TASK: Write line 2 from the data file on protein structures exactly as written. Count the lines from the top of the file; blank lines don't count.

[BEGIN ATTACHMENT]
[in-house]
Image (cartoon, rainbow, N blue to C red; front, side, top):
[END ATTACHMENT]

Image (cartoon, rainbow, N blue to C red; front, side, top):